These four tips should motivate any sedentary person to get active

By Ea Francisco |Photo by bruce mars/Unsplash

It’s no surprise that a healthy lifestyle has transcended its trend status. You probably have at least one friend who’s into fitness. And it’s not going to stop there. Soon, you’ll have more friends doing it, too. Eventually, the number of people is going to make you curious to try it, but what do you do when you’re so used to the idea of being a couch potato? Aside from reading the latest research that increasing inactivity could damage health in two weeks, I’ve asked my friends how they did it, and it can all be summed up to these four points.

 

Set up Small Attainable Goals

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The biggest hindrance to your lifestyle change is your mindset. Some people look at their goals and think it’s too hard and unachievable, and this ends up discouraging them altogether. While it’s good to be ambitious, you have to remember to start small. Before you can do amazing stuff like CrossFit and parkour, you have to set small goals to get there. It’s as simple as being able to do an extra five push-ups every week or going an extra mile in the run. These might seem insignificant, but it makes a difference. You’d be surprised to find out it gets easier to keep going after the first month.

 

Bullet Journal

One trend that’s been circulating for a while now is the idea of a bullet journal. It’s basically a customizable and organized journal made for just about anything. While it can be used for everyday tasks, it’s also used as a means to maintain discipline and monitor performance. You can use it to organize your meal plan, monitor your weight loss, or even write down motivational words to help you keep going. Having things written down can help you maintain consistency rather than just telling yourself you’re going to do something.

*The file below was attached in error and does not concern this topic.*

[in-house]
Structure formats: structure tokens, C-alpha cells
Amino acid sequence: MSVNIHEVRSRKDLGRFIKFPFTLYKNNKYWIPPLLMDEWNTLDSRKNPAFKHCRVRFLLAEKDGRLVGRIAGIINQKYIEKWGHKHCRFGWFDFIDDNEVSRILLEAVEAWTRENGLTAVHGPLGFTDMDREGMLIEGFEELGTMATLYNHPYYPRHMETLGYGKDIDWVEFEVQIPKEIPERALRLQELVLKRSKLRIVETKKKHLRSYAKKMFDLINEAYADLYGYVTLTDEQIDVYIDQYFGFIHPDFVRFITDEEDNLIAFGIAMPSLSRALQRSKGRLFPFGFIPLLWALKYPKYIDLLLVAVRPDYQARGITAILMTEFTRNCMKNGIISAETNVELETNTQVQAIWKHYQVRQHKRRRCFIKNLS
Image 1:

Fitness Friends

Doing things are more fun when you have friends to share it with. Talking with friends about their exercises helps get you more pumped for your own routine. It’s not simply to compare fitness progress, but sharing experiences reassures you that you’re not alone in the struggle. It also helps to get tips and advice regarding your workout and habits.

 

Self-Satisfaction

The first time you try exercising might make you feel weak and maybe even pathetic but when you start seeing results, you’ll feel a lot better about it. It’s not just about seeing yourself thinner or more muscular, but the feeling of being active and energetic. There’s an unexplainable fulfillment to doing something you previously couldn’t.